Mountain Path

Our Mountain Path curriculum (gurukulam) is known by the Sanskrit name Hansapathin. This curriculum is placed fifth among the seven levels of the Teachings. The curriculum introduces the tradition of the esoteric Mountain Path of the ancient siddhas, yogis, mystics and monks of Himalaya, who have been carrying out the sutra meditation and higher yoga through their silent retreats in caves and remote mountainous sanctuaries. Esoteric teaching texts and scrolls are interpreted and taught as living wisdom for a modern seeker, and a physically fit aspirant may have the opportunity to embark on a special journey to explore Himalaya. Those who are not able to visit mountainous terrain are urged to practice mindful walks and contemplative reflection in serene nature close to them and then apply relevant tenets in their immediate surroundings. The personal inquiry takes on a deeper meaning in an ambience bereft of worldliness and its distractions.


Hansapathin teachings also develop an understanding of how the three levels of Himalayan terrain have impacted the root tradition: the Shivalik range up to about 9,000 feet, middle Himalaya up to about 18,000 feet which includes many high-altitude pilgrimage centres, and the high Himalaya that has the highest snow-capped peaks including Mount Everest (originally named vyomakuta in Sanskrit). The nath adepts do penance at various altitudes in remote terrain.

Trekking combined with mindful walking adds another dimension of self-discovery for an aspiring meditator. Interested aspirants are able to trek to parts of Uttarakhand and Himachal, and get an opportunity to experience first-hand the mystical ambience of the Himalayan Mountains. They are assisted with their pilgrimage through organized tours, generally with Haridwar as the starting point of the journey. As the name implies, Haridwar is the doorway to God and is a holy pilgrimage centre in India. The idea is to integrate mindful walking, balancing and trekking as part of the meditative ethos. A pilgrim is able to grow into an experience of habituated engrossment (samāpatti) while walking with tenderness along the trails in the footsteps of the great Himalayan masters and adepts. Peace walks amidst breathtaking scenery are often complemented with climbing steep ascents without becoming absent-minded. Such a contemplative walk aids mindfulness.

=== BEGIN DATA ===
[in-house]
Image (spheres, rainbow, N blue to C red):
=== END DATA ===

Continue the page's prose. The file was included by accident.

Himalaya has great tracts of wilderness and the environment in many parts is pristine, still free from encroachment. The vastness of the surrounding vistas, the sparkling water in springs and streams, stunning mountain views and rugged terrain help train the mind to be imbued with tranquility. The experience of caves as meditation coves in a rarefied atmosphere brings about thoughtlessness and freedom from internal chatter. Moreover, the exposure to a new ecosystem with many unusual species out of harm’s way nurtures our resolve to live in harmony with other creatures.

The teachings develop an understanding of how snowflakes bearing pure wisdom descend on the mountain tops; and the snow drifts and becomes frozen into ice to store the wisdom as glaciers. Their meltwaters then carry rivulets of knowing to the plains, and thereafter the rivers quench the thirst in the parched plains before merging into the sea. For some, this is more than a metaphor. Our meditation lineages treat the Himalayan Mountains as hallowed high ground close to the celestial source of sacred knowledge. They carried on the tradition which is known as the Mountain Path in Himalaya. The sacred traditions have been thriving since the descent of the rivers Saraswati and Ganga, and are hailed as a repository of indigenous knowledge. Thus the major mountains spanning the entire headwaters of Saraswati and Ganga are adored as the natural heads of different lineages. Each major mountain has its own particular character and has inspired a style of practice or branch within an overall system of meditation hitherto preserved in Himalaya.

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